Oceans

Earth Month, Day 8: Fish Genes and Seawalls

Aquatic news from both sides of the country for today's installment of Earth Month: Matt FrankFirst, Matt Frank has a guest post on National Geographic's News Watch about the value of new species:

Fishing in the Gene Pool for New Species

One day last summer, Michael LeMoine, a Ph.D. candidate in fisheries biology at the University of Montana, carried a nondescript cardboard box into the Missoula FedEx office. Inside it was a jar of ethanol containing a single specimen of a new species of a type of fish called a sculpin.

The woman at the counter asked LeMoine for the value of the contents. He hesitated, considering. “My trouble, ma’am,” he remembers answering, “is that you don’t know this, but this is a new species in this box, and I really have no idea what the value of it is.”

So LeMoine hazarded $10,000, an amount that didn’t include the value of the months of field and lab work it took to identify the fish. Nor could he begin to answer the unspoken philosophical question: What is the value of a species?... Read more.

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Sammy fretwellAnd, from Sammy Fretwell with The State, a story about seawalls, legislation, and shifting tides:

Senators Side with Gated Debordieu Community in Debate Over Public Beach

 — The S.C. Senate, in a departure from 26 years of coastal law, sided Tuesday with a handful of oceanfront landowners who want to protect resort homes from rising seas by rebuilding a seawall in their gated community north of Georgetown.

But a new seawall could encroach as much as two feet farther onto the shore than an existing structure at Debordieu Beach — and the Senate’s vote to allow the seawall drew sharp criticism.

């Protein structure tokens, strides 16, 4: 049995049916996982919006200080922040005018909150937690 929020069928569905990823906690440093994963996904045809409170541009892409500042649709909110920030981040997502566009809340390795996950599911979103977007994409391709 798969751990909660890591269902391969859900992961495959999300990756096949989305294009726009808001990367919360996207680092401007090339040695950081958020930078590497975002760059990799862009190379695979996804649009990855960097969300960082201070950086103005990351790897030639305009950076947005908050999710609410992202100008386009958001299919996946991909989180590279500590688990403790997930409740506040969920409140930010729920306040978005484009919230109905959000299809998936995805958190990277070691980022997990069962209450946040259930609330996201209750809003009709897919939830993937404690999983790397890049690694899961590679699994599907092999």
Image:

Under pressure to let Debordieu residents rebuild the aging seawall, the Senate agreed on a bill that gives property owners three years to fix the 4000-foot bulkhead. Engineers say the wall might need to be built farther out on the beach to make construction possible... Read more.

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Earth Month, Day 7: The City and The Sea

meera subToday we bring you one story, but it's wide-ranging: Tree-planting, superstorms, the Pleistocene, landscape design, Mayor Bloomberg, and oysters. Intrigued? Then you won't want to miss this great piece by Meera Subramanian in Orion magazine: Debris from Superstorm Sandy is seen on a beach November 8, 2012 in Long Branch, New Jersey. (Photo by ALlison Joyce/Getty Images)

The City and The Sea

TWENTY YEARS BEFORE Hurricane Sandy slammed into the slim spit of land that is New York City’s Rockaways, local artist Richard George was out planting trees. He was in his forties then, and had shifted his home a few years earlier from Corona, Queens, to a 1920s bungalow colony in the Far Rockaways, abutting the Atlantic Ocean. He didn’t know anything about trees, had never given a thought to dune ecology or sea surges, but he’d joined the board of the local Beachside Bungalow Preservation Association, and a friend gave them fifteen thousand dollars. The directive was to plant trees, so that’s what he did.

“He planted the money in my hand,” George recalls when I meet him at his cottage, a bright white bungalow with turquoise trim that matches his t-shirt. “I said, ‘Where am I gonna plant trees?’” Then the artist saw the wide expanse of beach down the street, like a blank canvas in waiting... Read more. 

 

Earth Month, Day 4: Birds, Wolverines, and Genetic Mutation

The Earth Month Bonanza continues! For your Friday reading pleasure, we have avian gourmands, mutating critters, and wolverines in limbo. lauren sommerFrom Lauren Sommer, at KQED Radio:

Amid California Drought, Migrating Birds Enjoy Pop-Up Cuisine

Millions of birds migrate through California this time of year, but the waterways and wetlands they rely on for food and rest are largely dry due to the ongoing drought. So farmers are keeping their fields flooded to make temporary wetlands, providing a place for migrating birds to rest and eat.

Rice farmer Douglas Thomas is one of these farmers. On a recent morning some 3,000 snow geese float in his rice fields in California's Central Valley. He's watching a young bald eagle awkwardly dive at the flock.

"As soon as they start getting here, this is what I sit and do," he says. "I keep my binoculars in my truck."... Read more.

Rice farmer Douglas Thomas watches snow geese take flight over his rice fields in California's Central Valley. (Photo by Lauren Sommer/KQED)